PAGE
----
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High Stakes no prisoners

Any feedback/comments on this book to share?

Former Frontpage user
Thursday, August 29, 2002


Thursday, August 29, 2002

Comments on what now ?

James Ladd
Thursday, August 29, 2002

"High St@kes, No Prisoners" is a book by the founder of Vermier, who developed Frontpage and sold it to Microsoft.

I read about 6 of these web-bubble post-mortems last year, and this was one of the best.  I can't remember the authors name, but he was pretty blunt about taking the blame for a lot (but not all) of the mistakes made by the company.

Particularly interesting was his discussion about CEOs.  Apparently the VC's backing the company wanted to hire a professional CEO to replace him.  The guy they finally hired only lasted a few months before they ended up selling to MS, but used that few months to basically load up on as many benefits, insider loans, and stock options as he could.  Given the current atmosphere of corporate corruption, this is particularly interesting.

Overall, very good book.

Jason Awbrey
Thursday, August 29, 2002

thought to self - can't wait to see the Phil Greenspun story on the rise and fall of ArsDigita

Friday, August 30, 2002

tapiwa, I've received an advance copy of that book, and I'll post it here for your convenience.

"It wasn't my fault.  I'm a genius, they're idiots.  Would you like to purchase one of my pictures?"

Sven Galli
Friday, August 30, 2002

I finished reading it, put it down and was struck by the thought that, contrary to popular public opinion, there are people on earth that spend a higher percentage of their time in arguments than I do... and this guy is one of them.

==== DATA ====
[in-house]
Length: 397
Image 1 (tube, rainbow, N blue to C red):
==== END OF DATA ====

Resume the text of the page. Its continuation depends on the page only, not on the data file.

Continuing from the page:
Respect due for making so much money, but if it really did involve that much stress, it was probably rather poorly paid work all things considered.

Katie Lucas
Friday, August 30, 2002

What do you want to know?  Basically, all industry programmers should read books like this to know how to handle management types, and how to calm a crying CEO.

Sunday, September 1, 2002

Made an excellent argument for having a CEO who really understands technology. Ferguson was no coder, but he grok'ed the tech and it showed.

I get sick of Tech CEO's who think they just need to know business, not the tech. They're the ones who will run their companies into the ground.

Tuesday, September 3, 2002

The book was interesting, but I thought that some discipline from a good editor would have helped make it more readable and about half as long. For example, I lost count of how many times he said that Barksdale was nice but out of his depth. On the other hand, that would have meant some poor editor arguing with this guy about changes to the text, and I can't imagine many people having the strength/patience to do that.

Does anyone know if any of the people criticised in the book have published some kind of response?

Charles Monk
Wednesday, September 4, 2002

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